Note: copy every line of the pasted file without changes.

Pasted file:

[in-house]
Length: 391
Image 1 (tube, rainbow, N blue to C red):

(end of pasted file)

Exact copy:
[in-house]
Length: 391
Image 1 (tube, rainbow, N blue to C red):